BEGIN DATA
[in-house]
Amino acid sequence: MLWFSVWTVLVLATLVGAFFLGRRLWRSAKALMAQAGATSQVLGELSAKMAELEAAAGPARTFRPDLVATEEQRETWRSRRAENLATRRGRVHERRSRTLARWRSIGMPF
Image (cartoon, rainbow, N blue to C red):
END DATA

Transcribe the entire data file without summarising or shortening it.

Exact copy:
[in-house]
Amino acid sequence: MLWFSVWTVLVLATLVGAFFLGRRLWRSAKALMAQAGATSQVLGELSAKMAELEAAAGPARTFRPDLVATEEQRETWRSRRAENLATRRGRVHERRSRTLARWRSIGMPF
Image (cartoon, rainbow, N blue to C red):